Up to Restoration

Isaiah 2:1-5, Psalm 122, Matthew 24:36-44

My wife and I have decided to host a party. We have been thinking about this for quite some time, and we feel the time is right. We have been thinking about the food that we will serve and how the table will be set. We have given much thought to the decorations and how the casual seating will be laid out so the flow is just right. The seating chart has caused a bit of a problem, but I think we have all the kinks worn out. You, of course, are all invited, so get ready.

It will be a formal affair, with white tie for the gentleman and an evening dress for the ladies. We have contracted with a company to provide valet service, so all you need to do is pull up, and someone will take care of your car. Wait staff will be on hand and moving through the crowd to provide drinks and nibbly bits before the main course.

The plans are finished. Again, you are all invited. The only problem is I am still determining when the party will occur, but you have to be ready. I will send word to you when the time is right. I will give you 15 minutes’ notice, so you must be prepared. All you need to do now is wait.

Welcome to Advent, the season of waiting.

Advent is Christmas’ poor cousin, the one that is often forgotten about until the last minute when we say we forgot to invite someone, but I wonder who that is. Let’s face it; there are no Hallmark Advent stories about lost candles or something like that. There is no Grinch who stole Advent or snappy songs like Rudolph the Purple Advent Candle. So instead, we move right from Thanksgiving to Christmas without even a simple nod of the head to Advent.

I used to be rather militant about Advent and not rushing to get to Christmas. Remember, the Christmas season begins the evening of the 24th of December and lasts until the evening of January 6th. But then I started to soften a bit and decided that if playing Christmas music and setting up decorations makes you happy and brings you joy, go for it. So all I ask is that you take some time for Advent.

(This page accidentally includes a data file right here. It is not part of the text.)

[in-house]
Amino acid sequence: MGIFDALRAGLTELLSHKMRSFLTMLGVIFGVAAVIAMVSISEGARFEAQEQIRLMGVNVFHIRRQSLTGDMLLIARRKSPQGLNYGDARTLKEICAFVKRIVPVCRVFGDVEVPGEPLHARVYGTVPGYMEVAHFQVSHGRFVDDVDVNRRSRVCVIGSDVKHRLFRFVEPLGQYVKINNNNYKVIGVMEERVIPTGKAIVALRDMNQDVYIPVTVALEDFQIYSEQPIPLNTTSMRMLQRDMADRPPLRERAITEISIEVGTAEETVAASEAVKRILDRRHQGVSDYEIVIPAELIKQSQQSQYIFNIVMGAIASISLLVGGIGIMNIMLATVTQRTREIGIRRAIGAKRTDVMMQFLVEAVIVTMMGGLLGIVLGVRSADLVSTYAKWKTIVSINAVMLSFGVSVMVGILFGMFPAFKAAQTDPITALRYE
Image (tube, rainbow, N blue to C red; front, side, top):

Advent is more than the beginning of the Church year. Advent is John the Baptist preparing the way. Advent is also the affirmation of living the in-between of the already and the not yet. Christ has come in the child Jesus, and the church again cries out for Jesus to come quickly again. Do not forget the Advent proclamation of the light of Christ shining still amid the world’s darkness. Advent is a time to lean into God’s future unafraid boldly. If we skip it all, we miss it all.

I mentioned that party and that you all must wait for the time and place. We are not great at waiting. We want it all right now. Instant news. Instant communication. Instant food. But Advent calls us to slow down at a time when society is calling us to speed up. Only x number of days until Christmas. Only x number of shopping days left. The time of year that should be filled with hopeful expectations has become a season filled with anxiety.

Advent sets out four themes for us: hope, peace, love, and joy. Each of those weeks is symbolically remembered with the lighting of a candle each week and the final candle, which we do not have on our wreath yet, the candle that represents Christ.